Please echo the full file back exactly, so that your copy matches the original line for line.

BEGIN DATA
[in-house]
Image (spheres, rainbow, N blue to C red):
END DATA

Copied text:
[in-house]
Image (spheres, rainbow, N blue to C red):